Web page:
JAN 12, 2017 03:27 PM PST
Glow Power - The Chemistry of Bioluminescence
WRITTEN BY: Karen Sorenson
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Much like the creatures form the land of Pandora in James Cameron’s Avatar, glowing (or bioluminescent) animals have a certain mystique to them. Perhaps it’s due to the rarity us humans get to see them on land that we want to catch them in mason jars and keep them forever.

The truth of the matter is that glowing creatures are quite common, at least in the deep sea. In fact, an astounding 80-90 percent of the animals in the open ocean have some element of bioluminescence. These fascinating creatures have taken hundreds of millions of years to evolved and shine some light on the purpose of these chemical reactions.

While captivating to look at, this chemical phenomenon is not just for vanity. Many of these creatures use their glowing mutant powers to breed, feed and even evade predators. They have even proven useful to humans. European coal miners would use dried fish skins as a light source down in the mines. These creatures have even worked their way into folklore around the world. In Victorian England fireflies were harbingers of death. In Bengal, swallowing one would cure blindness. And in the South, a firefly in the house signals good luck.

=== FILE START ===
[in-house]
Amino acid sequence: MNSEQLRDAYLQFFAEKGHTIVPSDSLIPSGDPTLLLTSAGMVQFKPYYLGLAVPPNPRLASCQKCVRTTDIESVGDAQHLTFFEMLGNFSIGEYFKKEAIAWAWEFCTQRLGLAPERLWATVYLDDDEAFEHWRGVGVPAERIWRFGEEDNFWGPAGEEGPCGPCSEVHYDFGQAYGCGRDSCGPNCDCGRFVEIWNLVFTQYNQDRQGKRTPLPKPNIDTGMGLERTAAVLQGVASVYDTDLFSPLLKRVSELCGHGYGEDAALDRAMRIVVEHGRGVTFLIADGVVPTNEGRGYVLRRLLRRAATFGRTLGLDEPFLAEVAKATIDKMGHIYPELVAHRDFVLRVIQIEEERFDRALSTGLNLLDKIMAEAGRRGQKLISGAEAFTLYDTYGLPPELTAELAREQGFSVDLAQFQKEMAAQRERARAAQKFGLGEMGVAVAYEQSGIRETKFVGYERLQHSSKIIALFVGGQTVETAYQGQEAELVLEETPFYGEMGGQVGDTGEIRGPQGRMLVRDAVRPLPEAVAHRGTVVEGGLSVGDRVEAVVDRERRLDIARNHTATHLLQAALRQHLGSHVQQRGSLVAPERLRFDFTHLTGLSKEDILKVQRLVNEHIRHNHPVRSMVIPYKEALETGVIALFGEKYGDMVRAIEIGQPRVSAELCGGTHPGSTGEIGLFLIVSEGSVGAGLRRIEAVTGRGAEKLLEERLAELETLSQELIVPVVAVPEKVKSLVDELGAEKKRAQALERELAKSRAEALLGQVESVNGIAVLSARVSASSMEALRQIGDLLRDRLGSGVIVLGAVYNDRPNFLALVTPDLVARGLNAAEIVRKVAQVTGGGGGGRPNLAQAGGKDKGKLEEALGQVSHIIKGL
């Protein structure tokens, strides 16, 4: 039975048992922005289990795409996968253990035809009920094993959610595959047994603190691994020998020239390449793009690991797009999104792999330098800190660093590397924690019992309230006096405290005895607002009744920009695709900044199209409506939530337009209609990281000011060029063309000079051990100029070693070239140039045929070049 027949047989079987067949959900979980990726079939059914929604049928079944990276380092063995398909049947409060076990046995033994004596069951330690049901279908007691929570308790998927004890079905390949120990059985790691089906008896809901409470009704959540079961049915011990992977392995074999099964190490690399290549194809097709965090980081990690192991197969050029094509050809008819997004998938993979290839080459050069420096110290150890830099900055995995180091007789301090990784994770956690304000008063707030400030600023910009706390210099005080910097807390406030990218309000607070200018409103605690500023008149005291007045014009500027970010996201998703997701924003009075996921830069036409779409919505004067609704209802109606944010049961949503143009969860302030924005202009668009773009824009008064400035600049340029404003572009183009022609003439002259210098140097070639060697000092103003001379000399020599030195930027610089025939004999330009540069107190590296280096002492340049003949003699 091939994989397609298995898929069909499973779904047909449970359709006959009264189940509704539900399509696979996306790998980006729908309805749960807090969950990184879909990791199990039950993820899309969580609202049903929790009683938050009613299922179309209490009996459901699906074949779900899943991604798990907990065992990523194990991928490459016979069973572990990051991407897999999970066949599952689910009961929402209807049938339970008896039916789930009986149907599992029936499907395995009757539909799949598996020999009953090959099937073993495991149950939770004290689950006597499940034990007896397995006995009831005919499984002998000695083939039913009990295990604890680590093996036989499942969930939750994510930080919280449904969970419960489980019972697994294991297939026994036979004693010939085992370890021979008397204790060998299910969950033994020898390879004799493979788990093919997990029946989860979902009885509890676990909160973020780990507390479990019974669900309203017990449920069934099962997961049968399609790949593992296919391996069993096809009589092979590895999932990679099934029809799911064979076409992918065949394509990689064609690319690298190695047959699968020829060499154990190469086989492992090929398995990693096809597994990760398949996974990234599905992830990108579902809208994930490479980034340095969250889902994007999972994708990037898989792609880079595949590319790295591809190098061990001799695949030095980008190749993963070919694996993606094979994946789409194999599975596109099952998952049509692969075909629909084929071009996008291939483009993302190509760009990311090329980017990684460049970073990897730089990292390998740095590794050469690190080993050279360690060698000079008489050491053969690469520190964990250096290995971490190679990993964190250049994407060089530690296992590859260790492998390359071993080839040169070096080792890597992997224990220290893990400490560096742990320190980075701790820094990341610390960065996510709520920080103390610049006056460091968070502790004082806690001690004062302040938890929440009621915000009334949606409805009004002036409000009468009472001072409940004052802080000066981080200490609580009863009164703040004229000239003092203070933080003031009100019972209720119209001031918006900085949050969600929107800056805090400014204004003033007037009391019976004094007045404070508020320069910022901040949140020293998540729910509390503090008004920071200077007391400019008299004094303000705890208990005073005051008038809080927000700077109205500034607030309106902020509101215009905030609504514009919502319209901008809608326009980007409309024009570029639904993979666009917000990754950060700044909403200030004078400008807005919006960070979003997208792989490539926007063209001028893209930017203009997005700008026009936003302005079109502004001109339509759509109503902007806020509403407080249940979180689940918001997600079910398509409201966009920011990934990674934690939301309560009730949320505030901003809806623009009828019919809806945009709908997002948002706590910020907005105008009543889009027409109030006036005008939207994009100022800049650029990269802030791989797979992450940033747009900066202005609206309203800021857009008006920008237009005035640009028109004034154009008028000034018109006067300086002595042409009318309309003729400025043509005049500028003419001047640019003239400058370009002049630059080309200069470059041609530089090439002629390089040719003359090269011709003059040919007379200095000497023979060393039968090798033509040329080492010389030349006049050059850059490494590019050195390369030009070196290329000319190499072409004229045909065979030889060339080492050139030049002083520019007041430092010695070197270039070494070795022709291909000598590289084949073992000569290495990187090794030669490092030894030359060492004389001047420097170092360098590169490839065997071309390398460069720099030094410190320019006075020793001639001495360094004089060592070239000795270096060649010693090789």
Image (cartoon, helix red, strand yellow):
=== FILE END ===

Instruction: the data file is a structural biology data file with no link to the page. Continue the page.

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ABOUT THE AUTHOR
  • I am an award-winning public relations professional with seven years of experience, multiple individual awards and numerous top-tier articles and product awards to my credit. I have managed a variety of press outreach projects, reported quarterly media activity and mentored junior or newer employees. I secured critical media placements, including print and online in Cosmopolitan Magazine, the San Francisco Chronicle, Chicago Tribune, Los Angeles Times and the Los Angeles Business Journal; while achieving and maintaining close working relationships with top tech reporters. I successfully balance managing media campaigns, contributing to an award-winning company newsletter, press tour travel and serving as the official spokesperson for conferences and user group presentations. As part of the award-winning editorial team of iolo insider, the monthly internal company newsletter, I won PRSA-LA PRism Awards in 2010 and 2011, as well as Holmes Report's SABRE Awards and PR News' Platinum PR Awards in 2011. Fluent in English and Lithuanian, I hold a BA in Communications with an emphasis in PR from Brigham Young University. I currently work at LabRoots managing digital content and PR activities.

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